5 Questions: Writing Professor Gary Shteyngart Discusses His New Book
Who else but satirist Gary Shteyngart, a professor in the writing program at the School of the Arts, would describe passengers on a Greyhound bus who snore “like they had entire planets up their nose”?
Or a dog who “died from the melancholy of being a working-class Jewish pet”? And, write: “Like your first ankle-monitor bracelet or your fourth divorce, the occasional break with reality was an important part of any hedge-fund titan’s biography.”
The titan in question is Barry Cohen, the protagonist of Lake Success, Shteyngart’s first novel since the 2010 Super Sad True Love Story (he published a memoir, Little Failure, in 2014). Cohen oversees $2.4 billion in assets and is deeply stressed by an impending SEC investigation, his three-year-old son Shiva’s diagnosis of severe autism and his imploding marriage to Seema, a Yale Law School graduate whose parents immigrated from India. Rather than remaining in his massive Manhattan apartment and drowning his sorrows in the $33,000 bottles of Karuizawa single-cask whiskey that he prefers, Cohen escapes from New York on a Greyhound bus in search of a simpler life with a sweetheart from his days at Princeton.
“In Lake Success, Gary Shteyngart hears America perfectly; its fatuity, its poignant lament, its boisterous self-loathing. Its heartbeat,” noted his fellow Columbia writing professor Richard Ford. “Reading him sometimes makes me want to scream—with recognition and pure hilarity.”
In his New York Times review of the book, Dwight Garner said of Shteyngart’s prose, “The wit and immigrant’s sense of heartbreak—Shteyngart was born in Russia—just seem to pour from him. Shteyngart, perhaps more than any American writer of his generation (he’s 46), is a natural.”
Shteyngart will discuss Lake Success with Bruce Robbins, a professor in the department of English and Comparative Literature, at the School of the Arts’ Lenfest Center on October 25. Here he discusses his new novel with Columbia News:
Q. This is your first book that doesn’t feature a prominent character who is Russian or a Russian immigrant to the United States. Why?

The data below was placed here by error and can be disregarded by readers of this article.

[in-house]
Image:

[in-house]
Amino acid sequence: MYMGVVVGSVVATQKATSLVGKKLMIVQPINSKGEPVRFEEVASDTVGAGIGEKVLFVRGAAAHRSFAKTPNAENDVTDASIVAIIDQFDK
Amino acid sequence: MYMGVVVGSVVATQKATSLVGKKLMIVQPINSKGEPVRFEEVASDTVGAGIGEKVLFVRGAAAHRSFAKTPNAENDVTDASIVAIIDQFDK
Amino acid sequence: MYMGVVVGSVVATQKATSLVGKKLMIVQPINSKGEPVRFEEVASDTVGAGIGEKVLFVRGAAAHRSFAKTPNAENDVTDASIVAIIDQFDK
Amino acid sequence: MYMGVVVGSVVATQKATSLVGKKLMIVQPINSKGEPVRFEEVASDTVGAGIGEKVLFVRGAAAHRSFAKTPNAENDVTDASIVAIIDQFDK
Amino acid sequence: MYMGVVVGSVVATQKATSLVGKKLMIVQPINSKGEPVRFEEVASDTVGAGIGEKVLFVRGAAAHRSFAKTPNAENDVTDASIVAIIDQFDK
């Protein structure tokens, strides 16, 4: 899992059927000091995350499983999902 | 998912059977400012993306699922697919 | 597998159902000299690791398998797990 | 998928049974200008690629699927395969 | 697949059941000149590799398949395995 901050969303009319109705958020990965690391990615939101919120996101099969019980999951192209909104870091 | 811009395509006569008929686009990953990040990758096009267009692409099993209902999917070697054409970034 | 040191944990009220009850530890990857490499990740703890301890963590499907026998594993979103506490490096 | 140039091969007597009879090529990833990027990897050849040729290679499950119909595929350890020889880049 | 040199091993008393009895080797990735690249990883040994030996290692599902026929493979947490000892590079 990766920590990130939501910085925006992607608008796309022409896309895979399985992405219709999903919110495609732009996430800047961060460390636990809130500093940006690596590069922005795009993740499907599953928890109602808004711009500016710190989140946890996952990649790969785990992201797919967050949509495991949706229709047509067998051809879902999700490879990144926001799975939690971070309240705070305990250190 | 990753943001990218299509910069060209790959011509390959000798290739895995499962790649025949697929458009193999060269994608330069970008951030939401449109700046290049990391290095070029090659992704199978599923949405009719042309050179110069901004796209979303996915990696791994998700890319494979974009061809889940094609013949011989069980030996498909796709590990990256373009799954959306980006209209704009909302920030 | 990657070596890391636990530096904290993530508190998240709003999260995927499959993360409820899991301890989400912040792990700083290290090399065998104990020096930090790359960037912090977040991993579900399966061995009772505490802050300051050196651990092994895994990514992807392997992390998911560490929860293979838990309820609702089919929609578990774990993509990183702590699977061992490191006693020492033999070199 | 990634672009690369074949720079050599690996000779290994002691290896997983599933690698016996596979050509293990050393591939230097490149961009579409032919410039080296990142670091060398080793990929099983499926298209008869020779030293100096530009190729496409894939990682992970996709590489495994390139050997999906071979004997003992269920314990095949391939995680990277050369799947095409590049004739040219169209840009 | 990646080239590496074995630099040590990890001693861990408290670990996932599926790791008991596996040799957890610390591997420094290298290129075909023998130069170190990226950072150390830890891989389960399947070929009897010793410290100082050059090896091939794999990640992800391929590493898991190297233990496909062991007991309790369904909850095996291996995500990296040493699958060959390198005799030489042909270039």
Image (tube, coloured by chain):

A. I know, right! What happened to my usual Soviet-Jewish losers? Well, Barry Cohen is still Jewish, so I’m taking baby steps away from my usual subject matter. I like writing about societies falling apart. Previously it was the former Soviet Union, now it’s America. I don’t have to look far to see dystopia. It’s happening outside my window.
Q. Why did you choose to look at America in the age of Trump through Barry Cohen? How does his Greyhound trip across America represent the country’s and the character’s journey?
A. My mission is simple—to get young people to stay the hell away from finance, as tempting as it is. If one Columbia student reads my book and says, “You know what, this isn’t the life for me,” then I’ve done my duty and then some. As for the Greyhound trip, there’s nothing like it. Everyone who lives on either coast should get on some form of transport and see the rest of the country. You think you know it, but you don’t. I sure didn’t.
Q. You wrote Lake Success between June 6 and December 21, 2016. What was it like starting the novel when Donald Trump’s election seemed unlikely and finishing it after he had won?
A. It was crazy. When I got on the [Grey] Hound in June, I thought Trump was just a sideshow and Hillary would win. When I got off the Hound in September, I was pricing Toronto real estate. People throughout my journey told me Trump was going to win and that I was blind to certain realities. They went as far as to tell me he was going to win Pennsylvania. I thought they were nuts. But here we are.
Q. Can you comment on the literary journey that Barry also takes in the novel—the way in which his Greyhound trip reflects Kerouac’s On the Road; his naming his hedge fund “This Side of Capital” after Fitzgerald; his love for Hemingway; and his escaping his wife and son like Harry Angstrom in Updike’s Rabbit, Run?
A. Barry has some pretty questionable taste in literature. I’m kidding. I did three to four years of research for this book, hanging out with hedge fund managers, and many of them missed the days before they got into finance, the good days when their minds still worked and they were interested in things other than the basis points on their Bloombergs. That’s Barry’s journey. Into a past that may never have existed.
Q. Does Barry mature emotionally throughout the book? Does he ever reach a point where he can relate to another person with the level of intimacy that he lavishes on his watches?
A. Well, I’d be giving away the book if I told you, right? My characters never really fully mature, because no one does. They have ideas about themselves that get disrupted by cold realities, but then they choose to believe in their own horseshit yet again. That doesn’t make them bad, it merely makes them human.